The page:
hearing about that years ago - is that still a thing?

roy

On Thu, Feb 05, 2015 at 02:10:51PM -0800, Eric Voskuil wrote:
 A MITM can receive the initial broadcast and then spoof it by jamming the 
 original. You then only see one.
 
 e
 
  On Feb 5, 2015, at 2:07 PM, Paul Puey p...@airbitz.co wrote:
  
  So if you picked up the BLE broadcast request. All you know is that 
  *someone* within 100m is requesting bitcoin at a certain address. Not 
  necessarily who. The *name* is both optional, and possibly just a *handle* 
  of the user. If I'm sitting 5 ft away from someone at dinner and wanted to 
  pay them via BLE, I might see Monkey Dude on my list and simply ask him 
  is that you? If so, I send it. If there are two Monkey Dude's Then I 
  have to bother with the address prefix, but not otherwise.
  
  On Thu, Feb 5, 2015 at 1:46 PM, Eric Voskuil e...@voskuil.org wrote:
  BLE has an advertised range of over 100m. 
  
  http://www.bluetooth.com/Pages/low-energy-tech-info.aspx
  
  In the case of mass surveillance that range could most likely be extended 
  dramatically by the reviewer. I've seen  WiFi ranges of over a mile with a 
  strong (not FCC approved) receiver.
  
  WiFi hotspots don't have strong identity or a guaranteed position, so they 
  can't be trusted for location.
  
  e
  
  On Feb 5, 2015, at 1:36 PM, Mike Hearn m...@plan99.net wrote:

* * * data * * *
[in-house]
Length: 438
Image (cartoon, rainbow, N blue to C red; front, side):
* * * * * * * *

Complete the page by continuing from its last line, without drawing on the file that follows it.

This sounds horrible. You could basically monitor anyone with a wallet 
  in a highly populated area and track them super easily by doing facial 
  recognition.
  
  We're talking about BLE, still? The radio tech that runs in the so called 
  junk bands because propagation is so poor?
  
  My watch loses its connection to my phone if I just put it down and walk 
  around my apartment. I'm all for reasonable paranoia, but Bluetooth isn't 
  going to be enabling mass surveillance any time soon. It barely goes 
  through air, let alone walls.
  
  Anyway, whatever. I'm just bouncing around ideas for faster user 
  interfaces. You could always switch it off or set it to be triggered by 
  the presence of particular wifi hotspots, if you don't mind an initial 
  bit of setup.
  
  Back on topic - the debate is interesting, but I think to get this to the 
  stage of being a BIP we'd need at least another wallet to implement it? 
  Then I guess a BIP would be useful regardless of the design issues. The 
  prefix matching still feels flaky to me but it's hard to know if you 
  could really swipe payments out of the air in practice, without actually 
  trying it.
  

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Re: [Bitcoin-development] Proposal for P2P Wireless (Bluetooth LE) transfer of Payment URI

2015-02-05 Thread William Swanson